The official historical memory in several European countries is under pressure and may lead to increased levels of conflict internally in individual countries and in the EU as a whole. This is one of the findings from the three-year EU project RePAST.
For more than three years, 26 researchers from nine universities in eight European countries have investigated how European societies deal with their troubled pasts through the analysis of conflict discourses rooted in those pasts. The countries they have focused on are Cyprus, Germany, Poland, Greece, Bosnia, Kosovo, Ireland, and Spain - all countries that are affected by conflict discourses that spring from the past.
The purpose has been to increase knowledge about how conflict discourses rooted in the past impact the development of countries and regions in Europe and European integration in the EU.
See also: Investigating the power of a narrative
“We see it all the time: Old conflicts affect how we view the present, and the future, and societal developments. It cements differences and affects how we view each other. If we don’t stand up to them, such forces can lead to more division and make cooperation difficult.”
This is the opinion of Professor Kenneth Andresen at UiA’s Department of Nordic and Media Studies, who together with UiA researcher Abit Hoxa had the original idea for the research project ‘RePAST - Revisiting the Past, Anticipating the Future’. He is one of the conference hosts when the project is summarized. Now he looks forward to the presentation of the results.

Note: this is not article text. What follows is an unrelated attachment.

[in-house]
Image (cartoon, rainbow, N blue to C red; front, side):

“We will present the most important findings and where the various resources from the project can be used, and what the next challenges are for the various countries and the EU. Then we will compile our findings in a report to the EU Commission, which will be submitted at the end of October”, Andresen says.
The researchers have investigated four areas:
“A great common feature is that accepted truths are under pressure, both of individual stories and ‘alternative’ stories. We recognize this in Norway as well. Just think of the TV series Atlantic Crossing, where Crown Princess Märta’s character was portrayed in a way that generated a great deal of debate - both about what was ‘true’ and about how many liberties an artist can take with ‘the truth’”, says Andresen
“Other examples are terms such as ‘alternative history’ and ‘fake history’ that we hear from time to time”, he says.
UiA’s main role in the project has been to map the role of journalism and social media when it comes to disseminating stories from the past, and what this may mean for EU integration.
“We are good at this kind of research, and this is where we can make a difference and contribute to the overall project”, Kenneth Andresen says.
“In all the eight countries surveyed, traditional journalism, which is based on the ideals of independence, impartiality and objectivity, is challenged by undocumented allegations, false news and tendentious narratives without source references”, he says.
Kenneth Andresen also finds it disquieting that the most uncompromising when it comes to conflicts in Europe is not the generation that experienced them, but the generation after.
“Perceptions of old conflicts are generally less nuanced in other and subsequent generations. If a perception sticks, these generations are more likely to view it as a ‘the truth’, than those who were there when it happened. This is a challenge for everyone who works with conflict discourses”, says Kennet Andresen.
EU project developed at UiA